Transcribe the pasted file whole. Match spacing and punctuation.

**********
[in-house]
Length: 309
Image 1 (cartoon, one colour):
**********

[in-house]
Length: 309
Image 1 (cartoon, one colour):